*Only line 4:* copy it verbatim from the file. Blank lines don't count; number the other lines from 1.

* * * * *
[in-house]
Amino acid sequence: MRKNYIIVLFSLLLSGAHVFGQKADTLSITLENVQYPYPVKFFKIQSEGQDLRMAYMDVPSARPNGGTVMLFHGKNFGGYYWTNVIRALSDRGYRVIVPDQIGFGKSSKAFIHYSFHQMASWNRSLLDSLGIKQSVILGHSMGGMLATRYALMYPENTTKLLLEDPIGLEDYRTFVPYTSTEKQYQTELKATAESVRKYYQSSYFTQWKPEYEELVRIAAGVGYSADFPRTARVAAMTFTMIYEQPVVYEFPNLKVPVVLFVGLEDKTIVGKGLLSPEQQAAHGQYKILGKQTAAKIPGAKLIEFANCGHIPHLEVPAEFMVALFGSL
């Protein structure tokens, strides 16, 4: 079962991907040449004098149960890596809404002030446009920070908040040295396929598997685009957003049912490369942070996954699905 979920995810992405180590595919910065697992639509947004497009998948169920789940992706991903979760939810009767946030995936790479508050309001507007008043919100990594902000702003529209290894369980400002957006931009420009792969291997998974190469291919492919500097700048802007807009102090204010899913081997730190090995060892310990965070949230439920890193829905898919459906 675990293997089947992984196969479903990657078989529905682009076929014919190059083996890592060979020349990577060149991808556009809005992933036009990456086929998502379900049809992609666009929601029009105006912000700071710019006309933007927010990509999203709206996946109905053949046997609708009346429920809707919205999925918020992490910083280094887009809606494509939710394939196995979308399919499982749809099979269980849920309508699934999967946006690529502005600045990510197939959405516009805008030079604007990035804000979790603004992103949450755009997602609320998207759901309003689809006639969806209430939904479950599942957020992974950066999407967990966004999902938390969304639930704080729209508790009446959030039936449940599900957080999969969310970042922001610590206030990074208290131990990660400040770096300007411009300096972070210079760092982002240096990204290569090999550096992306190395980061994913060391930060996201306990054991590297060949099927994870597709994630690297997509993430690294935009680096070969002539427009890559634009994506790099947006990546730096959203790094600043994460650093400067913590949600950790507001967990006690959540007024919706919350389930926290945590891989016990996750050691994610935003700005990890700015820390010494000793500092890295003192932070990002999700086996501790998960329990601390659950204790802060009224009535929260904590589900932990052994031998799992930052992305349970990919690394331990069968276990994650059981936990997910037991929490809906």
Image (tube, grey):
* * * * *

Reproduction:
Image (tube, grey):